Prince Amukamara probably could hold his baby daughter, even with his partially torn pectoral muscle. But he's been telling his wife, Pilar, that he shouldn't.

An over-worried first-time father concerned that his football injury might somehow endanger the baby? No, he admitted on Thursday, he's just trying to get out of diaper duty.

The fact is that Amukamara is able to do a lot of everyday things, which is a good sign for him. Driving his car, brushing his teeth, things of that nature are the way he gauges his injuries. Those are the things he wasn't able to do last year when he suffered a torn biceps that landed him on injured reserve.

"I'm more mobile," he said. "I can move it around and I can still do stuff with it. That gives me encouragement."

Of course, if he's still only able to do those things in two weeks when he has another MRI?

"Then I'll probably start panicking a little bit."

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He injured himself in the third quarter against the 49ers on Sunday, coming up to make a tackle on a short pass to fullback Bruce Miller. He came off the field during that drive, was diagnosed and told the tendon was still attached, and came back on in time to get beat by Anquan Boldin for a touchdown. Replays show Amukamara favoring his left arm on that scoring play and having difficulty running due to it.

Amukamara has had only one season in which he appeared in all 16 games in the NFL, and this will be another in which he misses time. He's expected to be sidelined for two to four games. Will he ever be able to get through a full season again?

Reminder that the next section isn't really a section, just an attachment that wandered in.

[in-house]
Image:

"That question has definitely come into my head," he said. "I've tried different things, tried switching my eating habits and my workout habits. I'm still going to continue to try to figure it out."

The Giants are likely thinking about his tendency toward injuries as well. Amukamara is in the final year of his contract and the team would normally be looking to commit to him long-term after this season. His history of being unavailable for large chunks of seasons -- he's only played in 10 or more games in a season twice in his first four years in the NFL -- could dampen their desire to do so.

This pectoral injury could wind up costing Amukamara not just a month, but millions.

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He said he's not thinking about that, but admitted it is difficult to do so.

"It's very tough," he said. "But the way my mind is, I've always been a team-first guy. I know I'm not the only one who is excited about this year, so winning the division was my number one goal this year and playing all 16 games, which would help us do that."

That last part is not going to happen now. As for the rest of it?

Like Amukamara said, if things haven't progressed in two or three weeks, it may be time to panic.